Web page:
Indigenous to South Africa and other countries like Arabia, Madagascar and India, Pittosporum vidiflorum is an evergreen tree characterised with a dense roundish upright crown. In South Africa, this tree has a widespread distribution on the Highveld and Eastern parts of the country.

This tree has the potential of reaching 30m when growing in a forest but rarely reaches a height of 6m in a garden condition. Pittosporum vidiflorum is often confused with Sideroxylon inerme. In young trees, stems are pale grey becoming dark grey and rough with small pits as the trees mature. The small pits are an attractive feature on this tree. Dense clusters of the sweetly scented creamy yellow to greenish flowers appear from September to December making this tree very striking in summer.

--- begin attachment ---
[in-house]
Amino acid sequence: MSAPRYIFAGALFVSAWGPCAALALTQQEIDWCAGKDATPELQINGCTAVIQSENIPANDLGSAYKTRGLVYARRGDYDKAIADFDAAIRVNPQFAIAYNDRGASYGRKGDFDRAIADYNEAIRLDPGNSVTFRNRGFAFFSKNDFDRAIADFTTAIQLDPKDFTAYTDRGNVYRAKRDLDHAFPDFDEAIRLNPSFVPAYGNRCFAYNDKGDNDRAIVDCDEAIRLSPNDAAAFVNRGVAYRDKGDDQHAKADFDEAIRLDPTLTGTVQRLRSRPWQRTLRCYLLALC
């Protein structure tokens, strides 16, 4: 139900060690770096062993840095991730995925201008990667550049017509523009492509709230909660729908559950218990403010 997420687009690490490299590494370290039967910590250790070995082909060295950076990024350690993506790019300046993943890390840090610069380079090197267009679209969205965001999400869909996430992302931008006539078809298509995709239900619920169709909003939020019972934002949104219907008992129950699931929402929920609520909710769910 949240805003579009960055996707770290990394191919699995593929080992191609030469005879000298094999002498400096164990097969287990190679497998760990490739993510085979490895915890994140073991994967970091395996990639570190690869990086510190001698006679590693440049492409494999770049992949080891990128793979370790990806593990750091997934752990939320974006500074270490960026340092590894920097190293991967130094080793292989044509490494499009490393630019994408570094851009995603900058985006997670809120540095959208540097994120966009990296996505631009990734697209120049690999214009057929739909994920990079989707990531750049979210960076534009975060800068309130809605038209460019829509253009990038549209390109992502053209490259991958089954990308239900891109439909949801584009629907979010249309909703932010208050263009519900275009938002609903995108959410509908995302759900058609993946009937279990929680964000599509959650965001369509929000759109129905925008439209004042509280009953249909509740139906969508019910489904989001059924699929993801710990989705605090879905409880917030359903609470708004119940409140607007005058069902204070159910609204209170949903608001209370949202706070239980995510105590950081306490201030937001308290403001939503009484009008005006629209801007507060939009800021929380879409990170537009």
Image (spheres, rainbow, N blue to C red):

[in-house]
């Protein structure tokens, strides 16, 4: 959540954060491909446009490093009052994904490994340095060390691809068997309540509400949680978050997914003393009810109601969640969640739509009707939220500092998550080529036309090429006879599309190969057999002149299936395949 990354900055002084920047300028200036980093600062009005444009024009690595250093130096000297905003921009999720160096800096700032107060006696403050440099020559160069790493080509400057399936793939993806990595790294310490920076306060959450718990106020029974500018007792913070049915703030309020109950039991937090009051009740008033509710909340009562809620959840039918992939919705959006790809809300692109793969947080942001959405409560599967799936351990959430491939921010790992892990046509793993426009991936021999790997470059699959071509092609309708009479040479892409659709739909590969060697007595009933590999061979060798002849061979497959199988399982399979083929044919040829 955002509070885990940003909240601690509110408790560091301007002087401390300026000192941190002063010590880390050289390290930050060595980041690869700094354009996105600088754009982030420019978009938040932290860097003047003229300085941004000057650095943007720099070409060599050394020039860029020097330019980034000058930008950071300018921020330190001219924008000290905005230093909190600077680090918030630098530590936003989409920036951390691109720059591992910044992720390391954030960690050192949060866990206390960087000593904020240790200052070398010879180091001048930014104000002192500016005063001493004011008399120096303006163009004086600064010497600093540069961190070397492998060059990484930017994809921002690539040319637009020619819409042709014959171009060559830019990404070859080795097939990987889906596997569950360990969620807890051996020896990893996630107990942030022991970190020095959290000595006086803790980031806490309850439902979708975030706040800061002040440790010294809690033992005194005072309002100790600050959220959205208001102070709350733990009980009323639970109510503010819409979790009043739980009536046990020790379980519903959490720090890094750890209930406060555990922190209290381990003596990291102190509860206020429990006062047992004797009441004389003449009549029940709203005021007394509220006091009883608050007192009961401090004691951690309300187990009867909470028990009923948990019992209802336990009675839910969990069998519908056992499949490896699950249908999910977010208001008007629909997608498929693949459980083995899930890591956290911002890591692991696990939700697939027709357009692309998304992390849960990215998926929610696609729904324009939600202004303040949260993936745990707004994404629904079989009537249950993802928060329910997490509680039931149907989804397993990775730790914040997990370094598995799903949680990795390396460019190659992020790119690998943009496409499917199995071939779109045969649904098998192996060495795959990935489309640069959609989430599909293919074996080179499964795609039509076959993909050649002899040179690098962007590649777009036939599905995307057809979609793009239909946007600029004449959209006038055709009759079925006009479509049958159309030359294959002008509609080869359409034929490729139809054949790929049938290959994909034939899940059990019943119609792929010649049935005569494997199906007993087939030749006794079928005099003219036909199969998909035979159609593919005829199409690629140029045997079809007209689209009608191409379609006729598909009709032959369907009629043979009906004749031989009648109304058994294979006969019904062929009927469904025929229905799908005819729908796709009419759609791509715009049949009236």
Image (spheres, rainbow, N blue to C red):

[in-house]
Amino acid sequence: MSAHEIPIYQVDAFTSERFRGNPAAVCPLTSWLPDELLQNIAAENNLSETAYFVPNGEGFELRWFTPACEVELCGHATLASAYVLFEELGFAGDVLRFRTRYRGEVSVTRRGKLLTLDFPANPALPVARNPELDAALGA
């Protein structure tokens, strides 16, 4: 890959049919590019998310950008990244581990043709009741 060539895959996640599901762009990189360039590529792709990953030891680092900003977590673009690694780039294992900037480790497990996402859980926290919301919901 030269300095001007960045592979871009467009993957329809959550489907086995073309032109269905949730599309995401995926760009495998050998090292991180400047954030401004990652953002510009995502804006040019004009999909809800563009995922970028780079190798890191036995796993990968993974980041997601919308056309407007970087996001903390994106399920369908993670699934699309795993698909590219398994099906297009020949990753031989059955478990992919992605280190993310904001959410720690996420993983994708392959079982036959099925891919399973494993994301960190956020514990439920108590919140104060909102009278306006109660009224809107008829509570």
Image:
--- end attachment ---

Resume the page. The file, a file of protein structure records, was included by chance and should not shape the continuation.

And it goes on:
The cheesewood tree is fairly frost and drought resistant and grows equally well in full sun and semi-shade conditions. It has a moderate growth rate of 400-700mm per year. The non-invasive nature of cheese wood’s root system makes it an ideal choice for small gardens and as a container plant on patios. In the landscape, Pittosporum vidiflorum responds well to pruning and is useful as a hedge along driveways or fence lines.